Jeff Chiba Stearns’ documentary, Mixed Match, explores when mixed race is more than an identity, but can be a matter of life and death. Photo courtesy: Jeff Chiba Stearns.
When Krissy Kobata was 25 years-old, she was diagnosed with a rare blood disorder called Myelodysplastic Syndrome (MDS). The disease affects her bone marrow prevents her body from producing normal blood cells, needed to fight off infections. The disease is also known as pre-leukemia. Her doctor told her she had six years.
Fortunately there is a treatment for MDS, a bone marrow transplant, which would essentially restart her immune system and allow her body to manufacture healthy blood cells. The best chances for a successful transplant requires finding a donor with matching genetic markers. Most often the best bone marrow matches come from a donor who has the same genetic makeup, which usually means the a similar ethnic background as the patient.
Without a proper match, the new cells from the bone marrow donor would attack her body, possibly so forcefully that she could die, or cause side effects like diabetes or seizures in something known as graft versus host disease.
Out of the 9.5 million volunteers on the national bone marrow registry in the U.S., there is not one person who is a good genetic match to Kobata.
Kobata is half Japanese, half Caucasian, which is why it is difficult to find someone on the registry with a similar ethnic background, who could be a good match.
“No doubt, my mixed race heritage is the reason why it’s so hard to find a match,” says Kobata.
Kobata is not alone in this struggle. In Canada there are hundreds of patients waiting to find a match, but only one in two patients will find a match, according to the Canadian Blood Services stem cell and bone marrow network, OneMatch.
In Canada, currently only 28 per cent of stem cell volunteers on the registry are ethnically diverse. Within that 28 per cent, only percentage are Asian, and within that, a smaller amount are mixed race Asian. And within that group, there is an even smaller amount that are Asian-Caucasian mixed race volunteers, like Kobata. While matches are not always found in people with the same ethnic background, it is more likely that they will be found in people with a similar heritage.
“It’s not that oh, if you’re Asian it’s harder to get a match, no, it’s just that there are less Asians on the registry, then you take mixed race people – and there’s like no one on the registry,” says Kobata.
Kobata and the mixed race patients facing a similar struggle in finding matches are the focus of Japanese Canadian filmmaker Jeff Chiba Stearns’ documentary, Mixed Match.
The film is making it’s Toronto premiere on November 15 at the Toronto Reel International Asian Film Festival, following it’s success at the Vancouver International Film Festival in October.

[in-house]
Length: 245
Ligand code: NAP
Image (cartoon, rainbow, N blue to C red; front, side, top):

The documentary follows Japanese-Greek-Armenian-Egyptian-American Athena Mari Asklipiadis, founder of Mixed Marrow. It is a volunteer organization dedicated to finding bone marrow and stem cell donors, with a focus on mixed race donors, to fill the need for patients like Kobata.
Asklipiadis began Mixed Marrow after losing her aunt to lymphoma. Her aunt, who was not mixed race, but Japanese, never needed a transplant because her illness was too aggressive and she died quickly, says Asklipiadis.
Asklipiadis says she began looking for a hands on way to help fight blood cancers and came across Team Krissy.
With no matches on the registry, and no matches in her family (siblings have only a one in four chance of being a match) Kobata and her family started Team Krissy. At cultural festivals and public events, Kobata’s friends and family volunteer running stem cell donor drives and try educating the public on bone marrow donation.
“My family was impacted by cancer very closely and I literally had to see her dying and to go through that, and then thinking about families like Krissy’s where there is an actual cure there,” says Asklipiadis in an interview with the Nikkei Voice. “I thought if my aunt had any kind of hope like that available to her, I would have done anything to save her life. I just felt it was a calling in a sense, to get involved in some way.”
After volunteering with Team Krissy, Asklipiadis says she saw the lack of information about stem cell and bone marrow donation, and the challenges mixed race patients face and decided to do something about it.
“People talk about food and family and identity and language,” says Asklipiadis. “but I was not seeing anything about health and was not seeing anything about bone marrow being mentioned in a lot of these [cultural] websites and I thought, well I should start mentioning it on Krissy’s behalf.”
The documentary, Mixed Match, began six years ago when Asklipiadis sent a Facebook message to filmmaker Jeff Chiba Stearns. Asklipiadis says she knew she wanted to film a documentary, and considered doing it herself, but wanted to make sure it was done right. Without the right equipment and filmmaking skills, she decided to look for help, she says. And after just seeing his film, One Big Hapa Family, she decided to reach out to Stearns.